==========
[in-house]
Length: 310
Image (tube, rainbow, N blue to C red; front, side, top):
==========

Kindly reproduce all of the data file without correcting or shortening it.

[in-house]
Length: 310
Image (tube, rainbow, N blue to C red; front, side, top):